Take the Hike the Smokies! Challenge to earn reward pins for all the miles you put in while hiking the Smokies.
Adventurous Fun for the Whole Family
You can fish for wild trout in all 2,900 miles of streams within the park provided you have a valid Tennessee or North Carolina fishing license. But note that you’ll have to acquire your permits and licenses before entering the park.
The kids will love hiking to the gorgeous waterfalls throughout the park on kid-friendly trails. Guided horseback tours are a great way to explore some of the 550 miles of horse trails within the park, and the whole family will enjoy a carriage ride or hayride around Cades Cove Loop or other park trails. Check with the various park stables for routes and pricing.
The history of the Great Smokies is just as rooted in its soil as the trees. The family may enjoy visiting the historic buildings and burial landscapes that tell the stories of time amid the splendid forests. Be sure to check into the Ranger-led Programs to take advantage of the Junior Rangers & Not-so-Junior Rangers programs as well as special events throughout the year.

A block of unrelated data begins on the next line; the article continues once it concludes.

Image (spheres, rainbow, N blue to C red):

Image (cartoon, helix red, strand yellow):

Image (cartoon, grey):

Whatever is calling you to visit the Great Smoky Mountains National Park, whether it’s the scenic drives, wildlife, waterfalls, or seemingly endless hiking trails, you will not regret answering the call. It’s the perfect place to lose yourself to the mountains and endless views, and perhaps the perfect place to find yourself too.